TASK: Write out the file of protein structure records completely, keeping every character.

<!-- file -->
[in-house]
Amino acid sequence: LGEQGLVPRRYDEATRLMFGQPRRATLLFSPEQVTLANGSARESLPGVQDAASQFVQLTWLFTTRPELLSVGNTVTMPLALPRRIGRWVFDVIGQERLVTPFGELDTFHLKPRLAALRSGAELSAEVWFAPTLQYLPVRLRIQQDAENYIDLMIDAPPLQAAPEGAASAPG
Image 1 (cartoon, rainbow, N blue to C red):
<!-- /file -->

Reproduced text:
[in-house]
Amino acid sequence: LGEQGLVPRRYDEATRLMFGQPRRATLLFSPEQVTLANGSARESLPGVQDAASQFVQLTWLFTTRPELLSVGNTVTMPLALPRRIGRWVFDVIGQERLVTPFGELDTFHLKPRLAALRSGAELSAEVWFAPTLQYLPVRLRIQQDAENYIDLMIDAPPLQAAPEGAASAPG
Image 1 (cartoon, rainbow, N blue to C red):